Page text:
Derek Chauvin Sentenced To 22.5 Years For The Murder Of George Floyd

by Julie Scagell
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Derek Chauvin’s request for a new trial was also denied

Derek Chauvin, the former Minneapolis police officer who was charged with the murder of George Floyd, has been sentenced to 22.5 years in prison — 10 years longer than the presumptive sentence of 12.5 years. He’d previously been found guilty of second-degree unintentional murder, third-degree murder, and second-degree manslaughter for his role in Floyd’s death.

Minnesota state prosecutors requested a 30-year prison sentence, saying it “would properly account for the profound impact of Defendant’s conduct on the victim, the victim’s family, and the community,” according to CNN. However, Chauvin could’ve been sentenced with up to 40 years in prison for second-degree murder, up to 25 years for third-degree murder, and up to ten years for manslaughter by law.

Hennepin County District Court Judge Peter Cahill had previously ruled that four “aggravating factors” apply in the case, which would allow him to deliver a longer sentence than Minnesota’s guidelines call for.

Earlier today, Chauvin’s post-verdict motion filed by his attorney Eric Nelson asking for a new trial was denied.

Cahill said that Chauvin “failed to demonstrate…that the Court abused its discretion or committed error such that Defendant was deprived of his constitutional right to a fair trial,” as well as that any prosecutorial or juror misconduct existed.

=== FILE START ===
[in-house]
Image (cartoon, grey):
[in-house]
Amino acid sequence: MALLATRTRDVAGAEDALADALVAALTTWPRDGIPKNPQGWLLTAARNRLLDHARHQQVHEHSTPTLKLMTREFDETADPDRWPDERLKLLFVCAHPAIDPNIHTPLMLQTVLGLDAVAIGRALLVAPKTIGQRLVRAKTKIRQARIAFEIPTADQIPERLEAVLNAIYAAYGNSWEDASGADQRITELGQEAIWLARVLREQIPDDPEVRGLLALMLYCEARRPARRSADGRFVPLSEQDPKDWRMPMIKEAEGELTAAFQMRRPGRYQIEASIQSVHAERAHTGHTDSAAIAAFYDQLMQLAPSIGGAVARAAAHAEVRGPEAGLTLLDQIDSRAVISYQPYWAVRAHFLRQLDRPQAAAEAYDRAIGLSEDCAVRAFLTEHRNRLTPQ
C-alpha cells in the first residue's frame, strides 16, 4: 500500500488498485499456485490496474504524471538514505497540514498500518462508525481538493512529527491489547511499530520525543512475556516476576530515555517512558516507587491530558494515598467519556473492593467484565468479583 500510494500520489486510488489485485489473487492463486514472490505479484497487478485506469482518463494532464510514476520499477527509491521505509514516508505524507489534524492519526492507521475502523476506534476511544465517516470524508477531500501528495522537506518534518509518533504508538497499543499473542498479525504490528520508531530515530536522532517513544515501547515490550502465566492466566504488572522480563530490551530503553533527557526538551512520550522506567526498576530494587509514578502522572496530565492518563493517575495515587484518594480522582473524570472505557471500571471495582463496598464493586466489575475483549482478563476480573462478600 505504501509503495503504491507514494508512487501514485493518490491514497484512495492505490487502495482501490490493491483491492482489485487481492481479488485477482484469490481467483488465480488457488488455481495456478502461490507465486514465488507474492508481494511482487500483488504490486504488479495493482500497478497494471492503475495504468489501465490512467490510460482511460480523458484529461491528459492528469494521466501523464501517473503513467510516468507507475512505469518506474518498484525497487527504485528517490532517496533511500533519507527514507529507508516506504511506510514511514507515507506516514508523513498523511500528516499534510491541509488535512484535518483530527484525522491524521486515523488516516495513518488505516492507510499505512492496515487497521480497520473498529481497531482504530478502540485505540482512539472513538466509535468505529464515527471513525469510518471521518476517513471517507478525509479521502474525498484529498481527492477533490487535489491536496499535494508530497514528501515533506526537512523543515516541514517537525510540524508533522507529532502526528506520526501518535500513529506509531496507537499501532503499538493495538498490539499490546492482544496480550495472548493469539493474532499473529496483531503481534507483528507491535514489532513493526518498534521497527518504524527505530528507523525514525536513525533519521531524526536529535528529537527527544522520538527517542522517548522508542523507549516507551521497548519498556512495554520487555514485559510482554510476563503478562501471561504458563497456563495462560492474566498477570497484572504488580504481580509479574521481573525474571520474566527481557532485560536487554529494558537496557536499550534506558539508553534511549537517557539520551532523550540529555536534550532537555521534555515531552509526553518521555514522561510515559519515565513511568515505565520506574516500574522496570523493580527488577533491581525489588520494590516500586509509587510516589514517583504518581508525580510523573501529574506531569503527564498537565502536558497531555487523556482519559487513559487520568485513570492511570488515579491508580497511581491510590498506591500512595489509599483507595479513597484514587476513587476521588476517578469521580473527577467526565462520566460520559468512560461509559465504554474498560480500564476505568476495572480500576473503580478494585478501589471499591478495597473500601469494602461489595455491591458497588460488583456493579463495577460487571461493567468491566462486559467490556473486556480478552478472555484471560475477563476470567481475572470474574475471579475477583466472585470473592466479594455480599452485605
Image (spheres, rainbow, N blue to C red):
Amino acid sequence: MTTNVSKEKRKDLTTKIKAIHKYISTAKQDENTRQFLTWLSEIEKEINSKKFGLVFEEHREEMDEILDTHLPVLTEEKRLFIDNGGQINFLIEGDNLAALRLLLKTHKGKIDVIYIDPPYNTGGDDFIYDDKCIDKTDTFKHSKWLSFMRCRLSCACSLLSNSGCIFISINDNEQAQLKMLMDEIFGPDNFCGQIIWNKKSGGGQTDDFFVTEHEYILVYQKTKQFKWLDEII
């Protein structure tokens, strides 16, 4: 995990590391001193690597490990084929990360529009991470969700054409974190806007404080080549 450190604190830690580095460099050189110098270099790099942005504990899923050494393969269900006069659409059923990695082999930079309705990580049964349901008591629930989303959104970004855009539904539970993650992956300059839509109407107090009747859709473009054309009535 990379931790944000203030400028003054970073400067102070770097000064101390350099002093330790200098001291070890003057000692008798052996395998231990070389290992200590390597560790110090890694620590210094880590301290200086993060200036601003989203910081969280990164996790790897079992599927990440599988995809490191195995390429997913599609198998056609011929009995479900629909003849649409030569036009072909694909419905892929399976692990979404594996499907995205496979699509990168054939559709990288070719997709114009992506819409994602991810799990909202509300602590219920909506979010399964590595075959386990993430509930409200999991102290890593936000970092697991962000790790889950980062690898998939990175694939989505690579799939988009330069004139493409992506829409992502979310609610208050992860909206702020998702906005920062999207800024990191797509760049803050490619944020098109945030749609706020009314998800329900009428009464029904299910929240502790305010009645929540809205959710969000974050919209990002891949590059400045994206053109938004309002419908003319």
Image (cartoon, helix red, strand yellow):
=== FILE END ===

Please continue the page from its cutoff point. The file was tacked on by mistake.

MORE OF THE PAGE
“Mr. Chauvin asks the Court to look beyond its findings, to his background, his lack of criminal history, his amenability to probation, to the unusual facts of this case, and to his being a product of a ‘broken’ system,” Nelson wrote in a filing asking for probation and time served prior to his sentencing.

Chauvin knelt on Floyd’s neck for more than nine minutes in May 2020 while Floyd continuously pleaded for his life, saying he couldn’t breathe. His death was captured on video by then-17-year-old Darnella Frazier, sparking global protests against police brutality and systemic racism. Frazier was officially recognized by the Pulitzer Prize Board with a special citation for the video.

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Prior to his sentencing, members of Floyd’s family spoke to judge Cahill and to Chauvin directly.

His daughter, Gianna, seven, talked on video to the court. “I ask about him all the time,” she said. When a woman with Gianna asked, “Do you wish he was still here with us,” Gianna said, “Yes, but he still is (in spirit).” If you could say anything to your dad, what would it be,” the woman asked. “I miss you all the time and I love you,” young Gianna replied.

“My niece deserves closure…he’ll never be able to walk her down the aisle,” brother Philonise Floyd said during his statement. “My family and I have been given a life sentence…I have had to sit through each day of officer Derek Chauvin’s trial and watch the video of George dying for hours, over and over again.”

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Chauvin was permitted to speak at his sentencing hearing but chose not to make a public statement other than to give his condolences to the Floyd family.

He faces the possibility of another trial after being indicted by a federal grand jury earlier this year. The grand jury indicted Chauvin in two cases: kneeling on Floyd’s neck for over nine minutes in May 2020, which led to his death, and for similar action taken with a 14-year-old boy in 2017.

With good behavior, Chauvin will most likely serve two-thirds of his prison sentence and spend the rest on parole.